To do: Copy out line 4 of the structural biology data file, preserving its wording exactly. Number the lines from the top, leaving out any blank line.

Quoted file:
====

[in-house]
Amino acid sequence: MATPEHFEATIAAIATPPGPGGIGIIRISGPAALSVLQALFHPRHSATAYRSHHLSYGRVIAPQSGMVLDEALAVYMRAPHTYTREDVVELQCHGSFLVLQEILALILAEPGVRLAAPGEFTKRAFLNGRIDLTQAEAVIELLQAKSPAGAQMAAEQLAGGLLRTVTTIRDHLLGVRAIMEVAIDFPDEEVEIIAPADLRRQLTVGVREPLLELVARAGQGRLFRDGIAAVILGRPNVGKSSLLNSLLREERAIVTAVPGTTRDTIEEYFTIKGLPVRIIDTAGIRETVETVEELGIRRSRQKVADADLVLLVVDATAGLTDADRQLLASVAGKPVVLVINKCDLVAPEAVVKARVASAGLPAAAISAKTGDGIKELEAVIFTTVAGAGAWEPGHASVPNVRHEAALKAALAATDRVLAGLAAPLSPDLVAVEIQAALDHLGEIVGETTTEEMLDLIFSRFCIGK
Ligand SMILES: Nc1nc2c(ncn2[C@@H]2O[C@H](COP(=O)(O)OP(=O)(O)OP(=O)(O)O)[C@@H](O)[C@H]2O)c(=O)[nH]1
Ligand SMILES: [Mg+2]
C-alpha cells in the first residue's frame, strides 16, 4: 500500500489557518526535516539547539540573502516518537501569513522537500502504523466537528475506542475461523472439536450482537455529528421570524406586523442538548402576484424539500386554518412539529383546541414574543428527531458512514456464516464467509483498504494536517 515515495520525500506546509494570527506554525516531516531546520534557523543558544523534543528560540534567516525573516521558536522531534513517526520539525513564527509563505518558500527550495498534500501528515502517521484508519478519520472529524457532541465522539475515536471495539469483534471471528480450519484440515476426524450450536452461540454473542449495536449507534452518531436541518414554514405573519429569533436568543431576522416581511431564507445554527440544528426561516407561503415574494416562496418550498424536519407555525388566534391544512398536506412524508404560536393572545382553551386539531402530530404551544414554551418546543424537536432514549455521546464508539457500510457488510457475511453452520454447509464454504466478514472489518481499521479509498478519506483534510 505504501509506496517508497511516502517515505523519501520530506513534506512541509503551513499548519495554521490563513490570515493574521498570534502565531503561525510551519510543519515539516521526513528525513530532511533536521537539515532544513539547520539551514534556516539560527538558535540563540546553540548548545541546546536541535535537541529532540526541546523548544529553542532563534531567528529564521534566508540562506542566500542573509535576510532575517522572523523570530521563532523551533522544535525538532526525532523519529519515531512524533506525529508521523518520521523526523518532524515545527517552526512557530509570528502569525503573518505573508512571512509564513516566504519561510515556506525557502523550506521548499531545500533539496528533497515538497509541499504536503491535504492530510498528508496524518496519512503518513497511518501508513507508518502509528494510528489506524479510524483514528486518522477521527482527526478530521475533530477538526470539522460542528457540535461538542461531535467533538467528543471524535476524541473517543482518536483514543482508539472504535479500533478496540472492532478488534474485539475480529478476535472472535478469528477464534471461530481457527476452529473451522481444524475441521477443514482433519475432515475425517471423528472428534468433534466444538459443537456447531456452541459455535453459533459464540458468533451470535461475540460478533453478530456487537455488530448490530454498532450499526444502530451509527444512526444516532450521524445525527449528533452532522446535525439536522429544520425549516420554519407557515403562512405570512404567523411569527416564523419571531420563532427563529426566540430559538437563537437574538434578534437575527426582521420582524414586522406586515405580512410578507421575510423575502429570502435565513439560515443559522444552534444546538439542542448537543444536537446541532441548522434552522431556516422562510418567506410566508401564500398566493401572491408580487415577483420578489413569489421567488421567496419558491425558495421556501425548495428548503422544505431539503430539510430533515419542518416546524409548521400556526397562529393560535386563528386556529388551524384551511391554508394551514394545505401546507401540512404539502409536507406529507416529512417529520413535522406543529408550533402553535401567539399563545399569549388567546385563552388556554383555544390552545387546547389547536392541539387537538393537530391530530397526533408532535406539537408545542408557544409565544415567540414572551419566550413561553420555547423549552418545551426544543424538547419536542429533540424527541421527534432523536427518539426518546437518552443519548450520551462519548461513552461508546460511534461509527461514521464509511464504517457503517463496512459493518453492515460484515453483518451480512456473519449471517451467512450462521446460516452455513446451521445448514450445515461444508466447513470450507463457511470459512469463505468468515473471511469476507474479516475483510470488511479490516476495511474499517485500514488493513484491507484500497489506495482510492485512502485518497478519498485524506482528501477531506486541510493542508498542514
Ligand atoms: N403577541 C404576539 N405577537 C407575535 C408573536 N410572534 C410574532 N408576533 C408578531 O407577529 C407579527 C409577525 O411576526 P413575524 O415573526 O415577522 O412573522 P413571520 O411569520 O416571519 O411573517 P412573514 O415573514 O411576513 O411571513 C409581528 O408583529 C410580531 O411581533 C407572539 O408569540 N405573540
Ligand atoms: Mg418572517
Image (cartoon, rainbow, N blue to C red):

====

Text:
Ligand SMILES: [Mg+2]